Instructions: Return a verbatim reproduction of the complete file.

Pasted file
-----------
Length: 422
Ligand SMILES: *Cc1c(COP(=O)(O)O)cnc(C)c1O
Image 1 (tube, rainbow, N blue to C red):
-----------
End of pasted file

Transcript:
Length: 422
Ligand SMILES: *Cc1c(COP(=O)(O)O)cnc(C)c1O
Image 1 (tube, rainbow, N blue to C red):